By Adam Lehmann
In Hamilton County, we are very fortunate to have a wealth of data on the health of our local creeks and rivers. With respect to the quality of the water flowing through our streams, Southwest Ohio has one of the largest networks of volunteer water quality monitoring programs in the country. Volunteer water quality monitoring programs perform a critical function of monitoring water quality more frequently (monthly in southwest Ohio) than that for which most local governments are able to budget. This is particularly important with monitoring water quality which, unlike metrics of aquatic wildlife and physical habitat, may be expected to fluxuate significantly over short periods of time in response to stormwater runoff or other pollution events. Our local volunteer water quality monitoring programs also make their data easily accessible to the public at StreamBank.info.
But, water quality is not the only determinant of stream health – if suitable physical habitat does not exist in a stream, that stream cannot support a healthy ecosystem no matter how “good” or “pure” the water. Our urban and suburban landscapes are built in ways that alter the natural flow of water through the landscape. Resulting “flashy stream flows” cause excessive streambank erosion, which in turn, result in large amounts of sediment filling in the void-spaces between rocks upon which aquatic wildlife rely for shelter. These urban/suburban altered flow patterns also result in streams that used to flow year-round drying-out; this wide-spread problem constitutes a complete loss of aquatic habitat. Another major cause of habitat degradation is clearing of trees around streams – robing the streams of temperature regulating shade and critical inputs of food sources and habitats in the form of leaf litter and woody debris.
Beginning in 2011, The Metropolitan Sewer District of Greater Cincinnati began contracting the Midwest Biodiversity Institute to assess the health of our local creeks in rivers. Assessments were conducted at hundreds of sites throughout Hamilton County. This was a huge effort that took 4-years to complete. In 2016, MSD began another 4-year follow-up study to assess changes over time. The product of these assessmentsis a wealth of information on the chemical, physical, and biological health of our local streams. This effort has revealed that nearly 65% of the County’s streams are impaired biologically.
Together, the high frequency volunteer water quality data and the professional biological assessments, provide a key insight into the primary factors affecting the health of our local creeks and rivers. When these data are viewed side-by-side on the accompanying maps, we see that, while water quality is pretty good in Hamilton County (lots of green and blue dots on the Volunteer Water Quality Monitoring Map), the health of aquatic wildlife continues to suffer (lots of red and yellow dots on the Aquatic Life Use Attainment Map). This tells us that the primary factor impacting aquatic wildlife in Hamilton County is not water pollution but degradation of physical habitat (including flow patterns) caused by the way that we build our urban and suburban environments.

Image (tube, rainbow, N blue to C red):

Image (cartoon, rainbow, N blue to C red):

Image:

This finding is consistent with state-wide and even global statistics on causes of “stream impairment”. In Ohio EPA’s 2018 Integrated Report, they report that three of the top five (including the top two) causes of biological “impairment” are related to physical habitat. Similarly, in 2018, the World Wildlife Fund’s Living Planet Reportestimated that there has been an 83% decline in population abundance (number of induvial) of freshwater animals across the globe between the years of 1970 and 2014. Eighty-three percentin 45-years – that’s huge! So, what was found to be the most significant cause of this decline? You got it – habitat loss/degradation.
In the United States, we have come a long way from the days of burning rivers. Since the 1972 amendments to the Federal Water Pollution Control Act (known as the Clean Water Act), the water quality in our creeks and rivers has improved dramatically largely due to regulation of discharges from industrial facilities and wastewater treatment plants. But, progress in improving stream health has leveled-off (remember: an estimated 65% of Hamilton County’s streams are impaired biologically). Continued restoration of stream health will require a re-focusing on factors that are impairing the physical habitat within our creeks and rivers. In addition to government-led installation of large-scale stormwater management projects, addressing impairments to in-stream physical habitat at the landscape scale will require public policy to put in place meaningful incentives for private property owners to better manage stormwater and re-forest our riparian corridors.